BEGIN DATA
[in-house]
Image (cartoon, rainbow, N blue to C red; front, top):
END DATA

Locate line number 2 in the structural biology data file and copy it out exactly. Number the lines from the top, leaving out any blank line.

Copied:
Image (cartoon, rainbow, N blue to C red; front, top):